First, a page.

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Increase in mine deaths prompts safety alerts

Stewart BellAn open letter from Stewart Bell, Queensland Commissioner for Mine Safety and Health

2013-14 shaping up to be a dangerous year for mining  contractors. It doesn’t have to be.

Eight people have died in Australian mining operations in the last seven months.
The Australian mining industry has recently seen a disturbing increase in mining deaths. We
simply cannot afford to ignore the current number of fatalities at Australian mine sites so early into the 2013-14 reporting year. Five of these mine workers were contractors.

Each tragic report of a mine worker losing their life at work, signals a definite warning about mine
safety management and its failure to effectively address hazards and manage risk. In just over the
past six months the following fatalities have occurred at Australian mine sites:

• 15 August 2013, a contract electrician was killed at a crushing plant at an iron ore mine in
Western Australia.
• 30 November 2013, a contract operator in a light vehicle was crushed by a haul truck at an
opencut coal mine in New South Wales.
• 4 December 2013, a contract operator was killed while working on a tailings discharge line at a
gold and copper mine in Western Australia.
• 9 December 2013, two maintenance workers were killed at a Tasmanian underground copper
mine when the timber stage they were standing on collapsed and they fell 35m.
• 29 December 2013, a contract maintenance worker was killed, the second fatality for the year
at the same Western Australian iron ore mine.
• 17 January 2014, a Tasmanian copper mine recorded its third death when a contract loader
operator died in a mudrush from a stope.
• 15 February 2014, a miner was killed in a rock fall at a West Australian gold mine.
December 2013 was the worst month in the Australian mining industry for a long time with four
fatalities. This continued tragic loss of life in the mining industry is unacceptable and immediate
steps must be taken to stop it.

The majority of these mineworkers were contractors. Even though Queensland is not represented
in these recent statistics, contractors are vastly over-represented in Queensland mining fatal
accidents.

I want to reiterate my concern about the number of contractor fatalities at Queensland mine sites
over the last 13 years.

Families should be confident that when a loved one goes to work in the mining industry they will
come home safely, regardless of whether they are contractors or mining company employees.

Where to from here

While these recent fatalities are still under investigation, some cautionary comments can be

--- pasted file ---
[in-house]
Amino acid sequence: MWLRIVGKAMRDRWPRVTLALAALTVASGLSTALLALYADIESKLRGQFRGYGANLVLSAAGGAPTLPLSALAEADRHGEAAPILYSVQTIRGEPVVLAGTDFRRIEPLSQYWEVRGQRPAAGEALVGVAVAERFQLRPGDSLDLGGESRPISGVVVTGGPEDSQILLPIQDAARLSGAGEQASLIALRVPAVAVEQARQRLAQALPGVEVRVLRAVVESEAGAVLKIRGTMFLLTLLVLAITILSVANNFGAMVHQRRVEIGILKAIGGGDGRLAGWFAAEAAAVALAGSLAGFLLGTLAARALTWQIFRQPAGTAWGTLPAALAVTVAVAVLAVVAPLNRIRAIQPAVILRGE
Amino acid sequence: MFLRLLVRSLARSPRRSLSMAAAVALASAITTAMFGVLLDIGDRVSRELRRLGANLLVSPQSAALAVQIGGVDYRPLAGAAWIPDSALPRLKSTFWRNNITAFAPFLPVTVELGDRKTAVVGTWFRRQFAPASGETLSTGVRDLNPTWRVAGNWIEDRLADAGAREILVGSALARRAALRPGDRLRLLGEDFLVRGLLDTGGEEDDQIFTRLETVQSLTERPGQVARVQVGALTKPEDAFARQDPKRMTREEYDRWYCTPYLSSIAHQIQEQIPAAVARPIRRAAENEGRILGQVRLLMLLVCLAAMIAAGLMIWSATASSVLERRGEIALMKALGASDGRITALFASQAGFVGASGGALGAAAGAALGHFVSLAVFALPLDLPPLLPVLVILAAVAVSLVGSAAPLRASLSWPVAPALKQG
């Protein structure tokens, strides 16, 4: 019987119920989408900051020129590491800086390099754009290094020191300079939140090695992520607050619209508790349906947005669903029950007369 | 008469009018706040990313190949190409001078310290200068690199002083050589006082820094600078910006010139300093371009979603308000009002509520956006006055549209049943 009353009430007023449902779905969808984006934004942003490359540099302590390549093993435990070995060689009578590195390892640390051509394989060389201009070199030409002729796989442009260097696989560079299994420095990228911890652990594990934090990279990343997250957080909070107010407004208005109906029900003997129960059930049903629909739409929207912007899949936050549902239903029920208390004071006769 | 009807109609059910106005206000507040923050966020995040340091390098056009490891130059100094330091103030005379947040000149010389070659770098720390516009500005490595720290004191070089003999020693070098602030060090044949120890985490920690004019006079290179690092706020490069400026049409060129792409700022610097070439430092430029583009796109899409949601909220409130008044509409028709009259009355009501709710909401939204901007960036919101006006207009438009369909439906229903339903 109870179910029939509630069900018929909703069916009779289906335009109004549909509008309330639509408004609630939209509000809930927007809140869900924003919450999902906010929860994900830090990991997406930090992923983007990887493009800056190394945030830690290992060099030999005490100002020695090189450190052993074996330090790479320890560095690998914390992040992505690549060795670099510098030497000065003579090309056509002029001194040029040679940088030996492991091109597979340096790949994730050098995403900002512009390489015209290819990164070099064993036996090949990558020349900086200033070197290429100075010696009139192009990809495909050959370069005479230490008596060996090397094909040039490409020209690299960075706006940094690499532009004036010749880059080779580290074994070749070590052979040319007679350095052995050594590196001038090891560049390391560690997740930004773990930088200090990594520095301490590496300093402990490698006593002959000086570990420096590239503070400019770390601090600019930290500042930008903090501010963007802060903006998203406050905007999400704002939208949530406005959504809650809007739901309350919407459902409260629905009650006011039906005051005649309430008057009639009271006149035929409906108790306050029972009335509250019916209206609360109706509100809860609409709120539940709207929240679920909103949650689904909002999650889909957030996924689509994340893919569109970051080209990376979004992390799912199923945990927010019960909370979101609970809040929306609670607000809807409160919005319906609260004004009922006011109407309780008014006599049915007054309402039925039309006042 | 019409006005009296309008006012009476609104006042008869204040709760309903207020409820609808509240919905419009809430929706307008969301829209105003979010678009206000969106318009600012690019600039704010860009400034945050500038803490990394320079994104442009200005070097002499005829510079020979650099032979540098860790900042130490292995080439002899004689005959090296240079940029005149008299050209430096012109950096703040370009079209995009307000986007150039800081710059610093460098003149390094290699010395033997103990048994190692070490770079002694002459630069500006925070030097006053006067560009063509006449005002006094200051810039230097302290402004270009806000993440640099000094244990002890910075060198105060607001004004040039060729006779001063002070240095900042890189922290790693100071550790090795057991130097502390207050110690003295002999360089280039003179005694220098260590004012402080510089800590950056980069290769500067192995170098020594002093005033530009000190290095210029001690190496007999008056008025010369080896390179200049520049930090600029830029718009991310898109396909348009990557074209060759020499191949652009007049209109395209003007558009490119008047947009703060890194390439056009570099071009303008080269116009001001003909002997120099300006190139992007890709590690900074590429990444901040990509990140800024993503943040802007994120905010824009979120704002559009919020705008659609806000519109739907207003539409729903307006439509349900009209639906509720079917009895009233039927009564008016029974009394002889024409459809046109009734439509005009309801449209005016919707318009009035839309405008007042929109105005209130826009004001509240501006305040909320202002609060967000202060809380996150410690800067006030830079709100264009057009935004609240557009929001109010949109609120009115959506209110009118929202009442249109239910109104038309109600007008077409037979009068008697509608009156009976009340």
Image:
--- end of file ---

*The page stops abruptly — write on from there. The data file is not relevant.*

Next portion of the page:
provided based on the lessons of previous fatalities.

To avert further industry deaths, mine operators, mine management, supervisors and all mine
workers and contractors alike, are reminded that they are working in an inherently hazardous
industry that requires constant attention.

Mine operators, site senior executives (SSEs) and mine management must understand that the
effective management of contractors and their employees is one of their key obligations.
Queensland mining safety and health legislation does not distinguish between mining company
and contractor employees.

In Queensland, our mining acts require that a single mine site specific safety and health
management system (SHMS) is used for employees and contractors alike to ensure that risks are
controlled and are at an acceptable level. Running multiple SHMSs in parallel–mine and
contractors–is unlikely to achieve a safe outcome and is contrary to legislative requirements.
Mine management, in particular the SSE, is charged with managing safety on mine sites. This can
only be achieved through the establishment and effective implementation of one SHMS that
provides direct control over all facets of the operations.

Where contractors are used at mining operations the following must be considered and addressed
in the site SHMS;

• All contractor activities/personnel and equipment are identified.
• An effective method for supervising contractors is established.
• All contractor activities have procedures/standard work instructions or job safety analyses
(JSAs) that form part of the site SHMS.
• All contractor employees are confirmed as competent to undertake their intended tasks.
• All contractor equipment is maintained appropriately and is fit for purpose.

I cannot emphasise enough that the safety of all mine workers, regardless of whether they are a
contractor or mine employee, is primarily the responsibility of the mine operator and SSE. This can
only be achieved by implementing an effective single SHMS that manages all the personnel,
equipment and activities associated with the mining operation regardless of who is undertaking the
activity, owns the equipment and pays the workers.

Ensuring contractors are being managed under a single SHMS is a key focus this year for the
Queensland Mines Inspectorate.

Let’s make sure that in Queensland all our contractors and their mine worker colleagues get home
safe and healthy to their families and that we don’t add anyone to this tragic list of fatalities.

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